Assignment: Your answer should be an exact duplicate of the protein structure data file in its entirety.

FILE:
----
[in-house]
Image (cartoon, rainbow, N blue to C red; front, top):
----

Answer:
[in-house]
Image (cartoon, rainbow, N blue to C red; front, top):